That night, after the close of the Conference session, a small group of men met in one of the offices in the Review and Herald building. At that meeting were representatives of the publishing house that issued the American Sentinel, and there were present also the representatives of the Religious Liberty Association. They met to discuss and settle a very vexing question—the editorial policy of the American Sentinel. The door was then locked, and all agreed that the door would not be unlocked until the question was settled.CCh 27.3

    A little before three o'clock on Sunday morning the meeting ended in a deadlock, with the assertion on the part of the religious liberty men that unless the pacific press would accede to their demands and drop the term “Seventh-day Adventist” and “the Sabbath” from the columns of that paper, they would no longer use it as the organ of the religious liberty association. That meant killing the paper. They unlocked the door, and the men went to their rooms, went to bed, and went to sleep.CCh 27.4

    But God, who never slumbers nor sleeps, sent his angel messenger to Ellen White's room at three o'clock that morning. She was aroused from her sleep and instructed that she must go into the workers’ meeting at half-past five, and there she must present what was shown to her at Salamanca. She dressed, went to her bureau, took from it the journal in which she had made the record of what had been shown to her at Salamanca. As the scene came clearly to her mind, she wrote more to go with it.CCh 27.5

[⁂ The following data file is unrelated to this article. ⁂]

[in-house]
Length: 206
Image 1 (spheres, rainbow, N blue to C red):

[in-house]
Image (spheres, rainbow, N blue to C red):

The ministers were just getting up from prayer in the tabernacle as Mrs. White was seen coming in the door, a bundle of manuscripts under her arm. The president of the General Conference was the speaker, and he addressed her:CCh 27.6

    “Sister White,” he said, “we are happy to see you. Do you have a message for us?”CCh 27.7